PayPal is moving closer to “mainstream banking”, Facebook suspends another data analytics firm for using tactics like Cambridge Analytica, and China is testing a social credit ranking system straight out of a Black Mirror episode.
First up from Facebook is news that popular online payments company Paypal is quietly rolling out traditional bank features to some of its customers. The Wall Street Journal is reporting that the company is offering mainstream banking options like debit cards, withdrawing cash at ATMs, and direct deposits. Paypal does not have a US banking license, however, so it’s been partnering with smaller financial institutions to offer these services as a way to skirt the rules. The company’s chief operating officer Bill Ready says that this is for people who don’t have a bank account but still want to participate in the modern digital economy.
Next up from Reddit is more Facebook news. We’ve been covering this almost every day for the last few weeks and new information is still popping up about this scandal. Now, Facebook has suspended another data analytics firm from its platform called CubeYou after CNBC found that it was collecting user information through quizzes just like Cambridge Analytica. CubeYou swears it was only collecting data for academic research, but that’s what they’ve all said. Apple co-founder Steve Wozniak has officially joined the Delete Facebook movement, yet another blow to Facebook’s credibility. Time will tell if the social media giant will recover.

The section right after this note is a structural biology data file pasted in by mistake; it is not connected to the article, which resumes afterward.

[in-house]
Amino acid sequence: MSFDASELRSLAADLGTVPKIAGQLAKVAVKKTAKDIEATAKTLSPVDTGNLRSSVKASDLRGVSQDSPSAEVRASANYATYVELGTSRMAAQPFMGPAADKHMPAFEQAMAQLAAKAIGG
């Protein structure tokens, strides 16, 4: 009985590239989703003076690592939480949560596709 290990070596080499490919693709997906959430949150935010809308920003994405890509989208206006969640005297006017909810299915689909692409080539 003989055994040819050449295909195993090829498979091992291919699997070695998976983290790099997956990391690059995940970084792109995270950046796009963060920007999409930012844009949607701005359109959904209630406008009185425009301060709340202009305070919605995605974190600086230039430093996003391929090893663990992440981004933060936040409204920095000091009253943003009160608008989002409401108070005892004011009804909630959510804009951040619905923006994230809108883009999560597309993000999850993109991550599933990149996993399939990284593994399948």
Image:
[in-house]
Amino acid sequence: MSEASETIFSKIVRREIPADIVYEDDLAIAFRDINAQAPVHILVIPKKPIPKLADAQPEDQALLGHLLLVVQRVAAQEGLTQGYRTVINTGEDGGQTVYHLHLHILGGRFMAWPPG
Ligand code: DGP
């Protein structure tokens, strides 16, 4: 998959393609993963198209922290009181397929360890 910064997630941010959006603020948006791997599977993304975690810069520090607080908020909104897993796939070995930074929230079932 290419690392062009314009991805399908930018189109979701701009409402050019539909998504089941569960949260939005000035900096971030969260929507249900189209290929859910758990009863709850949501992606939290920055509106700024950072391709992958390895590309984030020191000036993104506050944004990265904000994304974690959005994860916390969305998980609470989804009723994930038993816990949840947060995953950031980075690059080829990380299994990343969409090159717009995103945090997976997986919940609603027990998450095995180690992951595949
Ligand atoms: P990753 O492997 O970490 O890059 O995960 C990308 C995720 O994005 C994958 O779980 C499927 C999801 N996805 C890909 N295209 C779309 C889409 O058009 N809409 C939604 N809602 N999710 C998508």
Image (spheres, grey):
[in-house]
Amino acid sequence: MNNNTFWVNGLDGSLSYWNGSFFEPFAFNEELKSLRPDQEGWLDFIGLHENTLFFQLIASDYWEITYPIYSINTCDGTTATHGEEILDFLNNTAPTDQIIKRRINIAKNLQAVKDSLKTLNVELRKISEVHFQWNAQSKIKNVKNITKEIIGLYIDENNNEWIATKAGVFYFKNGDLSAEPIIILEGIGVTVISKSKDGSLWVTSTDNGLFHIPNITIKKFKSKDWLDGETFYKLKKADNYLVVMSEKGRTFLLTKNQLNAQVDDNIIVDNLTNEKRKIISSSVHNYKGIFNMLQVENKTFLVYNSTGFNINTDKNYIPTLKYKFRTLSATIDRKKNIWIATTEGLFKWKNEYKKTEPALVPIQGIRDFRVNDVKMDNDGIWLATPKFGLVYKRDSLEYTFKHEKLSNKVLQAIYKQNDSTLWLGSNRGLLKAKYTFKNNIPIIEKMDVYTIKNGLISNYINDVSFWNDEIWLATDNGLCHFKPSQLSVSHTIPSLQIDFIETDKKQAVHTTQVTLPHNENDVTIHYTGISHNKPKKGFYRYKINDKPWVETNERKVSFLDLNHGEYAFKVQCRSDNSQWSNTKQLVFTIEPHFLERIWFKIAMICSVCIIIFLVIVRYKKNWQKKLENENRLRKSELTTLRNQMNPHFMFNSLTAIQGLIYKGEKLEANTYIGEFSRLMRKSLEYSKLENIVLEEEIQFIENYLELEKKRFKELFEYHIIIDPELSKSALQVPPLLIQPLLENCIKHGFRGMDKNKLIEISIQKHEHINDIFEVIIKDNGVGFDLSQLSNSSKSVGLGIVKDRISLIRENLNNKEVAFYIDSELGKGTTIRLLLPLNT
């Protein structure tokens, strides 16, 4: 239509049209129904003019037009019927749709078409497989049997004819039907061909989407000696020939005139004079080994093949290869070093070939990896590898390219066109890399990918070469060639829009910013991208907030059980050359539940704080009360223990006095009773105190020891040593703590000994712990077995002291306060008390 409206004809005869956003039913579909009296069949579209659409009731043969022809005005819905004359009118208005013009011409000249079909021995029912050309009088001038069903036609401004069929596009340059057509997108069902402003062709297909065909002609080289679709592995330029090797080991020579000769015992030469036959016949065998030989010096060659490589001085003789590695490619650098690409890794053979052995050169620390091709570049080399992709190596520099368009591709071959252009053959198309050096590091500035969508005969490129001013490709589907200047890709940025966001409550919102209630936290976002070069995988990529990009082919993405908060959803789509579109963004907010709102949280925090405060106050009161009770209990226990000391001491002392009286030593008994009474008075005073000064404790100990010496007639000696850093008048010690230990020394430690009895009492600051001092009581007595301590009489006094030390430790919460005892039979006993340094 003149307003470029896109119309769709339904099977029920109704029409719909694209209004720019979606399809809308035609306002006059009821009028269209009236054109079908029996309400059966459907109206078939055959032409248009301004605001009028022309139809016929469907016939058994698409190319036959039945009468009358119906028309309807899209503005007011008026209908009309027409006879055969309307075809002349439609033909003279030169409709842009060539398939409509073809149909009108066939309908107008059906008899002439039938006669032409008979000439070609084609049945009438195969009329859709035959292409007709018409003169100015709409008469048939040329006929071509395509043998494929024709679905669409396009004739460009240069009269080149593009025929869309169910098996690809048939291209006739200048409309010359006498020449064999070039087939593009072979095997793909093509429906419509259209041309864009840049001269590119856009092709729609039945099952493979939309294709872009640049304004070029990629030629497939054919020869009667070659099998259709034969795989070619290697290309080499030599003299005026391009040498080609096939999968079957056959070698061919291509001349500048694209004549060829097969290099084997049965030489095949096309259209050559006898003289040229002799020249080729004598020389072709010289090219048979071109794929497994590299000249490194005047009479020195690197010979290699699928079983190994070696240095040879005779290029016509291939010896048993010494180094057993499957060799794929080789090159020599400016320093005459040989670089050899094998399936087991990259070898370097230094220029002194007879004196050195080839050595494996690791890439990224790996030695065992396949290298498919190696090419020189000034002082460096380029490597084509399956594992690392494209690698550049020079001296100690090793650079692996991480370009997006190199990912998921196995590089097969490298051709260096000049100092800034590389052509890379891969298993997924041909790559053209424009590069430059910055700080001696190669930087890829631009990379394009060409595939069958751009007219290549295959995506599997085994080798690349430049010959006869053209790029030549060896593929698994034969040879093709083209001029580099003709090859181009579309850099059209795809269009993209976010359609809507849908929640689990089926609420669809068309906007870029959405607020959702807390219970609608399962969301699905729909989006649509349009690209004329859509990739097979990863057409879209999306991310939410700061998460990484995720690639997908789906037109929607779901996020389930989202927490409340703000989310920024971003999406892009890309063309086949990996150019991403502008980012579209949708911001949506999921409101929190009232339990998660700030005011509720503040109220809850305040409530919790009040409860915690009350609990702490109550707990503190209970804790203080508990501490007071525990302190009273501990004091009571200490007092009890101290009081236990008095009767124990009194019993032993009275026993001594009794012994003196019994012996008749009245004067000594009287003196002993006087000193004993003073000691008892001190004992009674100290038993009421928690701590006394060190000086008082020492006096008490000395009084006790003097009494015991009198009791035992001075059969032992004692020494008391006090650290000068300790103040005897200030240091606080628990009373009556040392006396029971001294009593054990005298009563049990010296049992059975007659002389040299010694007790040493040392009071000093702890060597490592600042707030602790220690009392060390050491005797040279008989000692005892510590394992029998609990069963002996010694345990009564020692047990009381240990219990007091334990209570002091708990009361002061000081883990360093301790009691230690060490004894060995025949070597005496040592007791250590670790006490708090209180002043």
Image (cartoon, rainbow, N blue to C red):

And last but not least from Reddit again is a terrifying dystopian ranking system currently underway in China. If anyone has seen British anthology series Black Mirror, you may recognize this concept. The Chinese government is testing out a vast ranking system that monitors the behaviour of its population and ranks people based on their “social credit”. Like traditional private credit scores, a person’s social score can move up and down depending on their behaviour. Things like smoking or bad driving will cause you to lose points, and the government has already started punishing people with bad scores. Nine million people with low scores have been blocked from buying tickets for domestic flights and three million have been barred from purchasing business-class train tickets. A bad score can also affect your internet speed, it can ban you or your children from the best schools or applying for the best jobs, and even ban you from nice hotels. Good scores, on the other hand, can speed up travel applications to places like Europe, book hotels for free, and get you more matches on dating websites. While you can be publicly shamed for having a bad score, a good score will get you discounts on bills, better interest rates at the bank, and even free gym memberships. This has been in pilot since 2014 and the country’s government is hoping it will be fully rolled out in 2020.
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